I presented with other professionals and felt inadequate. These individuals were excellent at making jokes and goofing off. They were confident with their facilitating skills and therefore wanted to do the bare minimum. I felt like the nerdy kid at the cool kids’ table. I’m all for having fun (so much easier than pushing myself out of my comfort zone) but I needed practice with the process. It was damn hard to ask them to turn their attention to me. It was clear to me that I was the weakest link in the group.  I had the least experience. I didn’t want my incompetence spotlighted so I went along with their choices and wasted a chance to improve. I disappointed myself.

Introverts Need Time to Think

Another reason for the fluctuation in confidence is the amount of preparation I got to do before each simulation.  The material I practiced at home, I did well on.  The times I had to wing it tripped me up a bit.

Being observed also makes me nervous.

According to Laurie Helgoe in Introvert Power, introverts do best with a cushion of time around activities.  We need that space to reflect and process.  By reading over the class materials and practicing my orientation speech out loud at home I was able to prepare for the course at my own speed and in the depth I desired.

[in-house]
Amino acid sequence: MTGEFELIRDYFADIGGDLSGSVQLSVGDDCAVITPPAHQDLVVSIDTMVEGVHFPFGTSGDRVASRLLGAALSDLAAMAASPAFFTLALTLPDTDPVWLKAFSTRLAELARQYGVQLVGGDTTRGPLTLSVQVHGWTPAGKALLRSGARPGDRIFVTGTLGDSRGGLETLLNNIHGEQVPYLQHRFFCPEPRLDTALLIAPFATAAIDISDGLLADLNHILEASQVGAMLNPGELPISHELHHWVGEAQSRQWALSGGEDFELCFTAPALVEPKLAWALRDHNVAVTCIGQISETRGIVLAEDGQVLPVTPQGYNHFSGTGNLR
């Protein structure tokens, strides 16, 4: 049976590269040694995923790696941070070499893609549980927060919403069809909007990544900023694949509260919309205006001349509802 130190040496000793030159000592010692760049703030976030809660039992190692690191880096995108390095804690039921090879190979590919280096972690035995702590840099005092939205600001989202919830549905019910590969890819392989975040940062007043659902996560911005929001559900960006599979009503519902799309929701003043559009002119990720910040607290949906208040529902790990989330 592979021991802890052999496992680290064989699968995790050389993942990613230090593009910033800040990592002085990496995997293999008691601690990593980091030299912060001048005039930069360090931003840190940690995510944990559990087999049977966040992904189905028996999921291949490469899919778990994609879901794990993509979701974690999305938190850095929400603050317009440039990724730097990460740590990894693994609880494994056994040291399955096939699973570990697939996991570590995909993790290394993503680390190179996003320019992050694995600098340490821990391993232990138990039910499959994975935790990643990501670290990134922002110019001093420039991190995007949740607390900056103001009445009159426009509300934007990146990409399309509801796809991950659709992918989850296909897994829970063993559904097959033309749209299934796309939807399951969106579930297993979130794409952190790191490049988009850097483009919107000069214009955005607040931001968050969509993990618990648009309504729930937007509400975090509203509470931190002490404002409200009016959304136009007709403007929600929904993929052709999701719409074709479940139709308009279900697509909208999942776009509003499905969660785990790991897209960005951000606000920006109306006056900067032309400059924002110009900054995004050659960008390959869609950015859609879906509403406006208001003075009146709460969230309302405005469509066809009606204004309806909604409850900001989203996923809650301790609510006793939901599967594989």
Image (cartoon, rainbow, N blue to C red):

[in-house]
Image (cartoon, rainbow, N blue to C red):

In Introvert Advantage, Marti Olsen Laney, explains how the neural pathways to retrieve information are longer for introverts thus causing us to need more time to respond. Introverts are not quick with comebacks and instant answers.  We need retrieval and processing time.

I felt for President Obama in his first 2012 debate with Mitt Romney.  Everyone declared Mitt the winner based heavily on his quick responses and charismatic delivery.  Obama, a suspected introvert, appeared awkward and slow to respond.  Granted the issues were the primary focus of the debate, but there was no question that Romney appeared more competent and presidential, which gave him a distinct edge.

Trying to Keep Up with Everyone